Pennsylvania City Manager Resigns after Secretly Bugging Police Station with Hidden Cameras

An official at the center of the bugging scandal in tiny Folcroft Borough tendered his resignation Friday under heavy pressure from an angry public and facing scrutiny from the Delaware County District Attorney's Office.

Borough Manager Anthony Truscello, accused of installing and operating hidden video cameras in the Folcroft police station for the last two years, announced his resignation effective Oct. 1 in a call to Borough Council President James McHugh.

"It was the pressure, I guess. He felt it was time to call it quits," McHugh said.

Truscello could not be reached last night. On Tuesday, more than 300 Folcroft residents packed Borough Hall to demand Truscello's resignation. On Thursday, county investigators executed a search warrant at Truscello's office and the office of the borough secretary.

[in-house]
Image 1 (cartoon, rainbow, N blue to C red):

Truscello insists he has done nothing wrong. He and Borough Councilman Joseph Zito said in May that they authorized bugs in the hallway, squad room and evidence room to catch police napping after citizens complained that nighttime calls to the police station were going unanswered. They said bedding material had been discovered in the station.

But police officers, including a female officer, were outraged at the intrusion into the privacy of officers and crime victims.

On Friday, Police Cpl. Robert Ruskowski said he was relieved that Truscello had resigned. "Maybe we can put this behind us and get back to the business at hand, which is protecting the public."

He added: "But we're not letting anything go - the charges and lawsuit and whatnot. We're going after everything and we're not stopping."

A spokesman for the District Attorney's Office said the bugging investigation would continue.